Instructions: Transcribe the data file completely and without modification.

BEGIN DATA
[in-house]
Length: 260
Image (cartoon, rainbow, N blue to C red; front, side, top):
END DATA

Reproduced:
[in-house]
Length: 260
Image (cartoon, rainbow, N blue to C red; front, side, top):